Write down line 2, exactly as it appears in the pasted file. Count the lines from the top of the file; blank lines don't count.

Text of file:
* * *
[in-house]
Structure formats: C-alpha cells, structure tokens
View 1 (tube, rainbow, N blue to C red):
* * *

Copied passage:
Structure formats: C-alpha cells, structure tokens